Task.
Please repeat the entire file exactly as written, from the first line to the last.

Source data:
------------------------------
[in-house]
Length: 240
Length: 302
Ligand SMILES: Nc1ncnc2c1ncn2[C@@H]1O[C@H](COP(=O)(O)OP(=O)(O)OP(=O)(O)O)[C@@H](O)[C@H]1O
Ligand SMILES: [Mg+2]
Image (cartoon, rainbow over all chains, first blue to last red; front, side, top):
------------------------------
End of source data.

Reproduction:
[in-house]
Length: 240
Length: 302
Ligand SMILES: Nc1ncnc2c1ncn2[C@@H]1O[C@H](COP(=O)(O)OP(=O)(O)OP(=O)(O)O)[C@@H](O)[C@H]1O
Ligand SMILES: [Mg+2]
Image (cartoon, rainbow over all chains, first blue to last red; front, side, top):